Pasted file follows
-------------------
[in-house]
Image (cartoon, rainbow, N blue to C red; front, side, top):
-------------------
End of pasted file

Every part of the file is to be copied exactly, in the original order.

[in-house]
Image (cartoon, rainbow, N blue to C red; front, side, top):